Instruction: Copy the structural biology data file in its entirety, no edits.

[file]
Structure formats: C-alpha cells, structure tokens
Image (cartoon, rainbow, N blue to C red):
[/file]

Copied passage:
Structure formats: C-alpha cells, structure tokens
Image (cartoon, rainbow, N blue to C red):